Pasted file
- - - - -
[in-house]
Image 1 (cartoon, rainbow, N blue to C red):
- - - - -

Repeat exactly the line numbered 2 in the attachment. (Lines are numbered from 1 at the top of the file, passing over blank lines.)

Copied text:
Image 1 (cartoon, rainbow, N blue to C red):